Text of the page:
US 7643492 B2
A method of reserving bandwidth in a network includes the steps of receiving a reservation request for a bandwidth for a hose having one ingress point and at least one egress point, and reserving the requested bandwidth for each link in the hose and assigning a reservation identifier to the hose.
1. A method of reserving bandwidth in a network using a hose model, the network including a plurality of nodes and a plurality of links for interconnecting the nodes, the method comprising:
receiving from a customer a request for bandwidth for a hose having one ingress point and a plurality of egress points, the hose including a plurality of paths, each of the plurality of egress points being associated with different destination addresses;
assigning a hose identifier to the hose;
requesting reservation of bandwidth by transmitting a separate path message separately addressed to each of the plurality of egress points, each of the separate messages including the same hose identifier; each of the plurality of egress points sending in response a reservation request containing the hose identifier and a unique identifier that uniquely identifies the reservation message as originating from only one of the plurality of egress points; and
at each intermediate node at which one of the reservation request messages is received, reserving the bandwidth, but not if a different reservation request message containing the same hose identifier has been received at the node, and forwarding the message even if no bandwidth is reserved.
2. The method, as set forth in
wherein each reservation request message comprises a reserve message back to the ingress point in response to the path message, the reserve message including the hose identifier and the unique identifier uniquely associated with the egress point.
3. The method, as set forth in
each egress point sends the reserve message back to the ingress node through at least one intermediate node; and
wherein the method further includes recording the hose identifier at the at least one intermediate node.
4. The method, as set forth in
at each intermediate node of the path, deleting the bandwidth reservation only if there is no other reservation with the same hose identifier.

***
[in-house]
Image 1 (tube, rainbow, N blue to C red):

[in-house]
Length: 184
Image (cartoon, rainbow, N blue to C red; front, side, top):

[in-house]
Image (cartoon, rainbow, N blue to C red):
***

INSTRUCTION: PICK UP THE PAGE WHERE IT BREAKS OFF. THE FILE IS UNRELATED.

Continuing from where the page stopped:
5. A method for reserving bandwidth for a hose at a node in a packet network, comprising:
receiving from a customer a request for a hose having a predetermined bandwidth, the hose defining an ingress node and at least two egress nodes, the hose including at least two paths, a first of the at least two paths extending between the ingress node and the first egress node and a second of the at least two paths extending between the ingress node and the second egress node;
assigning to the request a hose reservation identifier;
in response to receiving the request, transmitting along the first path a first message to the first egress node, the first egress node responding to the first ingress node with a first reservation message;
receiving at the node the first reservation request for resources for a first path between the ingress node and the first egress node, the first reservation request including a hose reservation identifier;
reserving the requested resources on a link;
transmitting along the second path a second path message to the second egress node, the second egress node responding to the ingress node with a second reservation message;
receiving the second reservation request for resources for the second reservation request including the same hose reservation identifier as the first reservation request; not reserving resources requested in the second reservation request.
6. The method of
7. The method of
receiving a message indicating deletion of the first reservation;
deleting the first reservation from the data structure; and
releasing the reserved resources only if the second reservation request is deleted.
This application claims priority to U.S. Provisional Application Ser. No. 60/294,432 filed May 30, 2001 entitled, “Network Bandwidth Reservation Method.”
This invention relates to telecommunications equipment and networks, and more particularly, to a network bandwidth reservation method.
Metropolitan area networks are currently the focus of intense network development and competition for market share for network equipment developers. The developers are seeking the right mix of technology, quality of service (QoS) features, and traffic engineering methodologies that would provide the differentiating factors that propel them ahead of the competition. In general, traffic engineering or management are methodologies that allow network service providers to take advantage of over-subscription of network resources to reduce network cost, efficient bandwidth utilization, and QoS guarantees.